4th November – This Sunday at Church

 

We have a busy few weeks coming up in the parish, with exciting events across all 3 churches.

This Sunday is All Saints’ day and we are reflecting on the work of the Spirit, transforming us and working in us to build God’s kingdom.

On Sunday morning (4th November) there will be the opportunity to share Breakfast Together before the 9:30 service, between 8:30-9:30am.

A combined Sung Eucharist will be celebrated at All Saints’ this Sunday at 11am. There will be no Sung Eucharist at the Parish Church as we observe All Saints’ Day together.

At the Parish Church at 3pm there is a memorial service for those who have lost loved ones. This is a special opportunity to reflect on the hope we have in Jesus and remember those we have lost.

On Sunday evening at 7pm, the parish is hosting a special service of Holy Communion at All Saints’ Church, featuring the luminous musical setting by Gabriel Faure, performed by a chamber orchestra of professional and semi-professional musicians. Many of these musicians have either generously donated their time or have only asked for travel costs. We have created a  Chalfont St Peter Worship Appeal  to support this event and future ones like it. Please take some time to watch this video giving a greater context to the event.

You can find the full planned teaching programme for the parish here.


The Bible Course is an 8-session course helping you explore the world’s bestseller.

Accessible and interactive, it will enhance and inform your ongoing Bible study, whether you are new to the Bible or want to go deeper.

Using a unique storyline, the course shows how the key events, books and characters all fit together. You’ll get to see the BIG picture and discover how the Bible applies to your life.

Begins 31st October, 8pm each Wednesday Evening for 8 weeks leading up to Christmas. Sign up here.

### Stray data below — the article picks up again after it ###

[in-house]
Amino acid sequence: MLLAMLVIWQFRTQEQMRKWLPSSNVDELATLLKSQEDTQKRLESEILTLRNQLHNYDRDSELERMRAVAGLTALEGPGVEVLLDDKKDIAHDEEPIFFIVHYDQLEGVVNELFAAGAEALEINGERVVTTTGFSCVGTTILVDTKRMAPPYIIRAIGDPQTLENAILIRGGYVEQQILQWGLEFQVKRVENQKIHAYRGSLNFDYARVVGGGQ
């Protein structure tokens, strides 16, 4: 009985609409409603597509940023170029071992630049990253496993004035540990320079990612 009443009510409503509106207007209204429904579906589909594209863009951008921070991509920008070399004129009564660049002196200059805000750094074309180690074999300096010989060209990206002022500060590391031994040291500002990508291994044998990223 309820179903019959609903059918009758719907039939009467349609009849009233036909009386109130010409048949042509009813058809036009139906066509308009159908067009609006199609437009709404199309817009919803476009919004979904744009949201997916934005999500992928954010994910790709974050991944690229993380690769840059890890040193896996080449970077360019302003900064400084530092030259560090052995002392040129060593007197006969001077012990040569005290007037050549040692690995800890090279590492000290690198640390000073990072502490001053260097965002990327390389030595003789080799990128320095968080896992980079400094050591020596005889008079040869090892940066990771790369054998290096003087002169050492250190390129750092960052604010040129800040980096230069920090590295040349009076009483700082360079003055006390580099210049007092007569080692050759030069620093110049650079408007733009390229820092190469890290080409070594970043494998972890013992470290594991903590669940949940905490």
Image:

This Sunday

8am – Holy Communion (All Saints’ Church)
8:30 – Breakfast Together (Parish Church Hall)
9:30am – Family Service (St Peter’s Church)
11am – Sung Eucharist (All Saints’ Church)
3pm – Memorial Service (St Peter’s Church)
4pm – Evensong (St Paul’s Church)
7pm – Requiem Service (All Saints’ Church)

28th October – This Sunday at Church

The World’s All Time Best Seller

I recently had the pleasure of watching a terrible American High School film.

In the film the main protagonist came into conflict with the school’s ‘Jesus Freaks’ about her behaviour. In an effort to understand their point of view she turned to the Bible – but of course she didn’t own one. She ended up going to a book shop and looking in the ‘Religious’ section but couldn’t find a Bible. When she went to a member of staff to find out where the Bibles were the answer was simple – “They are with the best sellers.”

The Bible is the world’s all time best seller. It has been lent, bought, and copied more than any other book. It has probably also been smuggled, stolen, burnt, and torn more than any other book.

It is powerful, enduring, and divisive. Yet surveys show that most self-identified Christians don’t actually read it. The figures vary but typically results show that only 30-40% of Christians read the Bible. That is a terrifying prospect if we believe that the Bible is one of the primary ways that God speaks to us and is a means by which he has revealed himself to people throughout history.

To be a Christian but not read the Bible is a bit like saying “I am a fish but I don’t like water.”

This Sunday we will be celebrating Bible Sunday in all of our services, asking why we should read the Bible and exploring a bit more what has left so many people fascinated with the same book for nearly 2000 years.